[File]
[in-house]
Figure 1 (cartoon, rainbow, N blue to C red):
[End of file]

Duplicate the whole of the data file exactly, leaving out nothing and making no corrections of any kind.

[in-house]
Figure 1 (cartoon, rainbow, N blue to C red):